Contrail Enterprise Multicloud simplifies networking through its Contrail Command console. Companies, for example, can use the software's graphical user interface to request workload-to-workload connectivity without knowing the underlying components, like ports, switches, routers and subnets. AppFormix reduces complexity further by providing intelligence on the different cloud infrastructures and the overlay services running across them. The information is useful for planning and diagnostics. Casemore expects Juniper to eventually create a single Contrail-based software console that unifies data center, cloud and branch networks. "They're looking at extending this over the WAN," he said. Piling as much networking as possible into a single management console is also Cisco's strategy. So, to differentiate itself, Juniper is positioning its product as more open than Cisco's Application Centric Infrastructure (ACI). ACI requires the use of at least some Cisco switches. Contrail Enterprise Multicloud, on the other hand, supports Juniper, Arista and Cisco hardware.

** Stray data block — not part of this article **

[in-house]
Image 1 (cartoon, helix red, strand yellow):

For organizations that rely on the Cassandra NoSQL database but require more efficient search capabilities, Elassandra offers a compelling open-source solution. Elassandra combines the powers of Elasticsearch and Cassandra by utilizing Elasticsearch as a Cassandra secondary index. While companies may use both Elasticsearch and Cassandra on their own (and unite them by developing their own custom integration or synchronization code), Elassandra negates the challenges of implementing these measures and managing that software separately. By closely integrating Elasticsearch with Cassandra, Elassandra provides search latencies that approach real-time responsiveness. Better yet, it achieves this while also delivering access to all the advantages of Elasticsearch’s established ecosystem of REST APIs, plugins, and other solutions. Through these tools — such as the powerful Kibana UI that allows users to search, analyze, and visualize data quickly and easily — database ops can be carried out with much more efficiency than is possible using Cassandra and Elasticsearch independently.